Making of an Aces High Scenario, Part 3

by Mike "Jordi" Bowman

Article Type: How-To
Article Date: October 10, 2002

Product Info

Game Title: Aces High
Category: WWII Air Combat MMOG
Developer / Publisher: HiTech Creations
Release Date: August 1999
Required Spec: PII 233 or better, Windows 95/98/ME/2K DirectX 8.0a, 8 MB 3D Video
Files & Links: Click Here

Back To Part 2

Aces High is a multiplayer WWII flight simulation. It allows instant action in the main arena where one can fly and die repeatedly. On weekend nights there can be over 400 virtual pilots flying with and against each other for the supreme control of the main arena.

A scenario has a life like a butterfly. What it looks like when it starts out may be totally different than how it looks when it emerges from its cocoon and takes to flight.

Different Phases of a Scenario

There are several phases to scenario design and implementation.

They are . . .
  1. Birth of a concept.
  2. Refinement of the concept.
  3. Picking of the Commanding Officers for both sides.
  4. Hashing out the rules set.
  5. Running the registration.
  6. Assigning pilots to squadrons.
  7. Practice makes perfect.
  8. The first day of the battle arrives - Butterflies!
  9. Running the frames.
  10. After action reports from the frame.
  11. Deciding the winner and loser of the scenario.
  12. Rinse and repeat as needed for the NEXT scenario.

This installment will take us through steps 5 and 6: running the registration and assigning pilots to squadrons.

Running the Registration

So we have built up the excitement for the scenario. The pilots are eager to get in line and get assigned to a plane (of their CHOICE of course!).

The CO's have been picked and the major rules have been hammered out.

Now how do we decide who gets to fly what.

Scenario pilot spots fall under the supply-and-demand model. There are always more people who want the hot fighter rides than there are open spots. The bomber spots tend to go lastóno one wants to fly a boring bomberóthough in almost all scenarios the deciding factor on who wins and loses hangs on how well the bomber pilots do. Fighter pilots fly for show but bomber pilots drop for dough!

In Aces High we have gone through several registration variations.

Which one works best really depends on how many are registering compared to how many planes spots are available. If supply is greater then demand then most registration systems work out well. It is when demand outstrips supply that major headaches and problems arise!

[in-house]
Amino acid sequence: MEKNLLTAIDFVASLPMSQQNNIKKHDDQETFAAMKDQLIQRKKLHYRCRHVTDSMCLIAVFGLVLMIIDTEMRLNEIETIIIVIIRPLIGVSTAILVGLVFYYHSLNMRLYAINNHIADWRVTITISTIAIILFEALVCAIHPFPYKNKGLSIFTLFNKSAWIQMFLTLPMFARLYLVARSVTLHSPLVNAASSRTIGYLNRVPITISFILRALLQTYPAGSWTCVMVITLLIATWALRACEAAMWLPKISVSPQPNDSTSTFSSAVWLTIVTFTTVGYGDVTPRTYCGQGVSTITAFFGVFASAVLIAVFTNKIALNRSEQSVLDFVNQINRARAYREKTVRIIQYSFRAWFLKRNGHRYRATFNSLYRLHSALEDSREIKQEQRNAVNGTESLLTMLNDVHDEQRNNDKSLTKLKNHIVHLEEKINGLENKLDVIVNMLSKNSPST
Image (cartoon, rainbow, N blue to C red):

Assigning Planes: The Good, The Bad And The Ugly

Method 1: First Come, First Serve
When registration opens there are X number of pilot spots for each plane type. If there are 20 P-51 pilots spots once 20 people have grabbed those P-51's no one else can register for one.

The Good: People know up front what planes are still available.

The Bad: All the hot rides go early, usually within the first hour.

The Ugly: Not fair to those who can not get on right when registration opens. Also one person could register for many people and grab a bunch of rides.

Method 2: Modified First Come First Serve
When registration opens there are X number of pilot spots for each plane type. When the person registers he selects three different plane types from just one side or the other. After one or two weeks registration is closed.

At this point the registrations are sorted by date / time registered. Each registration gets looked at and checked to see if the person's first choice is available. If so, they get it and the process moves to the next person in line. If that person's first choice is taken then the second, and if needed, third choice is looked at. If all choices are taken then they are assigned an open spot that best fits their choices. The process moves down through the list till all plane spots are filled.

The Good: People get a better chance of getting one of their preferred choices.

The Bad: All the hot rides can still go early; again, usually within the first hour.

The Ugly: Some planes still get picked more often than there are planes to go around, so players may be assigned a plane they won't enjoy. Some pilots tend not to show up if they do not get the plane they really want.

Method 3: Lottery System
Everyone signs up but planes are not assigned at that time. Pilots can pick just one or can pick several choices depending on how the registration is designed. Once registration closes all pilots are given a random number, then planes are assigned just like the methods above.

The Good: No matter when you registered you have an equal chance of getting at the top of the list and getting the ride you want.

The Bad and Ugly: If the lottery system is used for several scenarios in a row, a person could get stuck at the bottom of the list through no fault of their own.